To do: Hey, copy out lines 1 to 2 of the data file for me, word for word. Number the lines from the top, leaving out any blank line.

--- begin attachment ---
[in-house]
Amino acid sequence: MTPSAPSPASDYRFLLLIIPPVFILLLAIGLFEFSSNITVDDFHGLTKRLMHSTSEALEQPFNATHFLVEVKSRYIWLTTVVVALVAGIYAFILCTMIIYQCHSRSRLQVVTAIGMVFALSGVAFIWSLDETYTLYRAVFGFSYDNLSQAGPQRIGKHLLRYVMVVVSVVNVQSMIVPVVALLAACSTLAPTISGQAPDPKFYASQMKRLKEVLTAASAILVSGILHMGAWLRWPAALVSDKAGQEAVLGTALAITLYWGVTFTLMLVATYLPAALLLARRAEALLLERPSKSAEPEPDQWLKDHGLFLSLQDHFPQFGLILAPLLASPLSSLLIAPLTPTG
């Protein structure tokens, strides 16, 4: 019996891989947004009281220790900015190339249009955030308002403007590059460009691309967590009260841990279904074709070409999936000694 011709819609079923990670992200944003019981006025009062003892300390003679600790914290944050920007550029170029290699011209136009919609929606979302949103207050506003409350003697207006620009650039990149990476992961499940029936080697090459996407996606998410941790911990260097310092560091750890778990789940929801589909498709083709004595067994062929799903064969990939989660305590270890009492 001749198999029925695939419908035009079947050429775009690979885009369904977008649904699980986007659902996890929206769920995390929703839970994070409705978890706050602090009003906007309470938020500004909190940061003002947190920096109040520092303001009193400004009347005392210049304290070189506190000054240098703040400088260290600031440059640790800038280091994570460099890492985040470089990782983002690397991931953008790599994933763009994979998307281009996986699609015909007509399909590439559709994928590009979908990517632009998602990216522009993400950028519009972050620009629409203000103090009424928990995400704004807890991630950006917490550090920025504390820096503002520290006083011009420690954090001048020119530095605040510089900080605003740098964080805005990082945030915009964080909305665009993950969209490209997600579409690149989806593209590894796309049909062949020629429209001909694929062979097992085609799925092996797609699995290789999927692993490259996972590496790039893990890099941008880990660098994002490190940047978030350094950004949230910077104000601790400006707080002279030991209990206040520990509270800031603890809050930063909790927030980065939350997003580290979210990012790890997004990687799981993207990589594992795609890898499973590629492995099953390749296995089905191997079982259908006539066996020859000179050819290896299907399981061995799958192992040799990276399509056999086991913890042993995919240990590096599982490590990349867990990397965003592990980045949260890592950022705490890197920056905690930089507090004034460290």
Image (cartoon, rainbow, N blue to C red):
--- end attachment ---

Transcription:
[in-house]
Amino acid sequence: MTPSAPSPASDYRFLLLIIPPVFILLLAIGLFEFSSNITVDDFHGLTKRLMHSTSEALEQPFNATHFLVEVKSRYIWLTTVVVALVAGIYAFILCTMIIYQCHSRSRLQVVTAIGMVFALSGVAFIWSLDETYTLYRAVFGFSYDNLSQAGPQRIGKHLLRYVMVVVSVVNVQSMIVPVVALLAACSTLAPTISGQAPDPKFYASQMKRLKEVLTAASAILVSGILHMGAWLRWPAALVSDKAGQEAVLGTALAITLYWGVTFTLMLVATYLPAALLLARRAEALLLERPSKSAEPEPDQWLKDHGLFLSLQDHFPQFGLILAPLLASPLSSLLIAPLTPTG